"Deliberate attempts by political groups to misrepresent the evidence as demonstrating ineffectiveness of condoms’ constitute a misunderstanding of what the report states," states Willard Cates Jr., MD, MPH, president of Family Health International, a Research Triangle Park, NC-based research organization that has conducted numerous studies of condoms and other contraceptive methods. "Moreover, by undermining the public’s confidence in condoms, this misrepresentation may lead to public health harm," he says.

Review STD study design

 The studies reviewed by the NIH panel were observational in nature and carry a variety of methodologic limitations well described in the text, states Cates, author of an upcoming over-view of the workshop’s findings.3

"Unfortunately, as the report states, the ideal study design of a prospective randomized controlled trial is not possible to evaluate condom effectiveness," Cates observes. "Ethical concerns do not allow randomization of individuals to a condom nonuse group in populations at high risk for STDs."

While many studies have gathered information on condom use while addressing other topics and specific aims, few studies actually have been designed to study how well condoms protect against STDs, says Hook.

"As a result, questions such as, How often did you use condoms,’ are asked without too much precision," Hook comments. "In addition, to really evaluate how condoms were used by a study participant, a rather large number of questions [must be asked] to delineate the proportion of acts of intercourse in which condoms were used, whether they were used correctly or not, whether slippage or breakage occurred, etc."

Unless a study is designed specifically to answer such questions, the information is not fully covered within the confines of the research paper, says Hook. As a result, the data are not adequate to definitively answer the efficacy question, he explains.

Look at evidence

Evidence that was either not considered by the NIH report or surfaced since the panel met has leaned toward strengthening the already-acknowledged protective effects of condoms against a range of STDs, says Cates.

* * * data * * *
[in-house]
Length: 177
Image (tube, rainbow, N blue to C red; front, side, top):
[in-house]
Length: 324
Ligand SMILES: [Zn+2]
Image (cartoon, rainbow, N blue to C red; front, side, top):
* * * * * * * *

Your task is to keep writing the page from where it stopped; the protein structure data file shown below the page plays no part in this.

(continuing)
A just-published study of a randomized, controlled trial which examined condom efficacy in prevention of herpes simplex virus type 2 (HSV-2) transmission in discordant couples, found that condoms offered significant protection against HSV-2 infection in susceptible women.4

"Not only has the adequacy of the data improved since the [NIH] report, but the deliberate attempts by some groups to misrepresent the absence of data with the ineffectiveness of condoms is doing exactly what the report cautioned them not to do," stresses Cates. "This deliberate misrepresentation undermines the reinforcing public health messages and may lead to wider transmission of STDs by encouraging nonuse of condoms, and it’s the nonuse of condoms, not the ineffectiveness of condoms, that is the problem."

References

1. National Institute of Allergy and Infectious Diseases. Workshop Summary: Scientific Evidence on Condom Effectiveness for Sexually Transmitted Disease (STD) Prevention. Bethesda, MD: July 20, 2001.

2. Connolly C. Report questions condoms’ disease prevention ability. Washington Post, July 20, 2001:A01.

3. Cates W. The NIH condom report: The glass is 90% full! Fam Plann Perspect (in press).

4. Wald A, Langenberg AG, Link K, et al. Effect of condoms on reducing the transmission of herpes simplex virus type 2 from men to women. JAMA 2001; 285:3,100-3,106.